March 31, 2015
The setting of the short story “The Storm” by Kate Chopin impacts the relationship between the two main characters, Calixa, the wife of Bobinot and Alcee, Calixa’s former lover. This is conveyed through Chopin’s use of metaphorical relationships of building the climax and simulating possible actions of an affair. The setting plays a role in the story which helps the audience to understand the three symbolic points that make the setting interesting, which are the physical storm, love passion and the possible impact of their relationships. “The Storm” by Kate Chopin takes place in Southern Louisiana where all the characters live. A small portion of the story takes place at Fredheimer’s store, but majority takes place at Calixa and Bobinot Home. From the beginning of the story we see that Chopin uses the physical storm to move the story forward. As the storm approaches Calixta is at home working while her husband Bobinot and son Bibi are out at the store. Bobinot points out the storm to Bibi by calling his attention to “certain somber clouds that were rolling with sinister intention from the west, accompanied by a sullen, threatening roar.” This description makes it obvious that this is a threatening, dangerous storm. The clouds are portrayed with a sort of consciousness; it is as though the storm is alive, rolling in with “sinister intention … accompanied by a sullen, threatening roar.” It is like a growling animal stalking its prey. With Calixa waiting at home for her husband and son to return, she does not notice the approaching storm. As she goes outside she sees Alcee and the raindrops begin to fall. The storm represents a symbolic meaning through Chopin’s short story because even though there is a physical storm going on outside, the author uses the storm to simulate the internal feeling in Calixa and Alcee. Even though Calixa and Alcee were former lovers, they still had feeling towards one another that lead to an affair. Not only does the physical storm take place, but also the sultry sensation Calixa and Alcee hold for each other takes over them.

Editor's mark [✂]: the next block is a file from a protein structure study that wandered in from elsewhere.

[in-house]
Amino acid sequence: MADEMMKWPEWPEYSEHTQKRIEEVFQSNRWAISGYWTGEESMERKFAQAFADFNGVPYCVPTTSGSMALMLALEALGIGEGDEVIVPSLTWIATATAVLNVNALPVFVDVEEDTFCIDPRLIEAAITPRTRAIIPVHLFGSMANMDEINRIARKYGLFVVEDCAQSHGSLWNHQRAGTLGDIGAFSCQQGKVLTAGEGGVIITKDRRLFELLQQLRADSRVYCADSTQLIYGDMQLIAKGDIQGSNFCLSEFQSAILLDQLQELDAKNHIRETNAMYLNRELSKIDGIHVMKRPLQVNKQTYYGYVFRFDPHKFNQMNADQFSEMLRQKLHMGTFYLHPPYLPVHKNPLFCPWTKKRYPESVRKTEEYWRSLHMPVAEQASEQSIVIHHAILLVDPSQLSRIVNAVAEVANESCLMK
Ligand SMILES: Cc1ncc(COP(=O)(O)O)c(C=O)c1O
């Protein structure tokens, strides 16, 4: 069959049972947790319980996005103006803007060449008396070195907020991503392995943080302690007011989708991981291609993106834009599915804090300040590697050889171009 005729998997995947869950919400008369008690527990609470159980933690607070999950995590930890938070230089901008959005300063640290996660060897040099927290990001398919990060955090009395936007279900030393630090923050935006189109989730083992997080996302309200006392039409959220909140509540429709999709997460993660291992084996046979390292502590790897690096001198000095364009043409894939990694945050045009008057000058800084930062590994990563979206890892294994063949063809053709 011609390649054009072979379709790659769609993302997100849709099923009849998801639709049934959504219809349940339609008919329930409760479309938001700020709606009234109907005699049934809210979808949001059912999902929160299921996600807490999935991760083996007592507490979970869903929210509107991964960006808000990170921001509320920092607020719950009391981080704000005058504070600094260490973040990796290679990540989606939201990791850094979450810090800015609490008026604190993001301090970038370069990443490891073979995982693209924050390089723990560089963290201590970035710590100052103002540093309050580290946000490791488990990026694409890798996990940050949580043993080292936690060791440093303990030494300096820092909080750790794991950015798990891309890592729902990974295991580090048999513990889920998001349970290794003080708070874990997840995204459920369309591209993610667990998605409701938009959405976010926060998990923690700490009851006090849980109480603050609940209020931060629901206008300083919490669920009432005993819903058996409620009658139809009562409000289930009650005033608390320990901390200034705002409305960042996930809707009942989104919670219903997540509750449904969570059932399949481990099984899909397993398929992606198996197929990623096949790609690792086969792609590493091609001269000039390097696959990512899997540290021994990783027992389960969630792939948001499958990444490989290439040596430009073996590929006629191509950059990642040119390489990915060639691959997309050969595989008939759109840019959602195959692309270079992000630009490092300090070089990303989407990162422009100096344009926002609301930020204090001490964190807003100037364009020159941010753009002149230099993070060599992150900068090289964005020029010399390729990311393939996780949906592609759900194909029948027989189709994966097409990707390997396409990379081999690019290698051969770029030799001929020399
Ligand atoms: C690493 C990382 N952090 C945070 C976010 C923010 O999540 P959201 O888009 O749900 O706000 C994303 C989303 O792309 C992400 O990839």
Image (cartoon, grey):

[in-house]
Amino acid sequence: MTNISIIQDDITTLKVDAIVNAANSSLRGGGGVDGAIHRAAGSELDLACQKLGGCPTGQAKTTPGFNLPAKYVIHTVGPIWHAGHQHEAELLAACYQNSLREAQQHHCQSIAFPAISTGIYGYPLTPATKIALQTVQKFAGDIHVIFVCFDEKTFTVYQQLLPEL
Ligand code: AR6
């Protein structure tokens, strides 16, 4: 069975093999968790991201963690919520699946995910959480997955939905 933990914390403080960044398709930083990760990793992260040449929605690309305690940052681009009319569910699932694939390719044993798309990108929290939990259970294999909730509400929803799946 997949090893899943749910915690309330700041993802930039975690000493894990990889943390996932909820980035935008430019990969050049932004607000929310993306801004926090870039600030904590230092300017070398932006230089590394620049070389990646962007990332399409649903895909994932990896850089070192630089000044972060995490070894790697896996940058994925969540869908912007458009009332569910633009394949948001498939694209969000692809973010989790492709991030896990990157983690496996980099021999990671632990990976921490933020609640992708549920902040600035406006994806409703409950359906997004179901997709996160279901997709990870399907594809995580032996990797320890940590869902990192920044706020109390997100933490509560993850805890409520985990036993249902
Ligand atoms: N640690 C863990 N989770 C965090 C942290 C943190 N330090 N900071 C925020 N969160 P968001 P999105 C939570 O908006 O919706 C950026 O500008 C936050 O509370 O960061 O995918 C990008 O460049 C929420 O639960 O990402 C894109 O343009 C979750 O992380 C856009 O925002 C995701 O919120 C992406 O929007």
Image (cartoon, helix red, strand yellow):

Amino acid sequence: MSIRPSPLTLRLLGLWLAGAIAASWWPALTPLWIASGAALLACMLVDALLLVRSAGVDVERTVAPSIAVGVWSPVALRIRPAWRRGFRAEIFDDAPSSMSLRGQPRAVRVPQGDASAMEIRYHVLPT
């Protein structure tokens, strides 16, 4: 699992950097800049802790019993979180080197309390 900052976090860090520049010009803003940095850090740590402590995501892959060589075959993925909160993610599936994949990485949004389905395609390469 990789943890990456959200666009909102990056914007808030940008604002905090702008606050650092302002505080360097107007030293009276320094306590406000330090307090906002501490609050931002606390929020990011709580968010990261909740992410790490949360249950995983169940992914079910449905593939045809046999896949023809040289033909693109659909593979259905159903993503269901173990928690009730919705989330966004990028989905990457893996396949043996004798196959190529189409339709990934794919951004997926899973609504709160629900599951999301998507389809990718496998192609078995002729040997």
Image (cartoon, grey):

The subject of adultery is first introduced in the story as Alcee asked Calixa if he could come inside before the storm gets any worse. That is also a turning point where Chopin lets the readers know that Calixa still have feelings for Alcee. This is shown in the story as it states, “His voice and her own startled her as if from a trance.” (Chopin pg.178). After that performance, the story changes from an outdoor storm to an inner storm between the two characters Calixa and Alcee. According to Christopher Baker from “The Explicator” he uses her womanly aggressive fulfillment as a flower. As a floral calyx unfolds its protective sepals to present the flower, Calixa has opened to receive sexual and emotional fulfillment "for the first time" in an atmosphere of natural fecundity. Her name suggests that in her moment of love, "at the borderland of life's mystery", her identity becomes one with the unfolding reproductive power of nature itself and part of the "glistening green world" which, by the story's close, the sun had made "a place of gems" ( Baker pg.598). This also leads both main characters towards one another, which was illustrated “The door stood open, and the room with its white, monumental bed, its closed shutters, looked dim and mysterious.” (Chopin pg. 177). Soon after, Calixa and Alcee make love to each other. Calixa is portrayed as not having a problem with the jeopardy it can cause to her and her family. Alcee then goes home and writes a letter to his wife telling her how he is enjoying himself and notifies his family to enjoy their vacation. The fact everything is back to normal again does not lie in the fact the sun is coming back out, but also the attitudes of both Calixa and Alcee. Even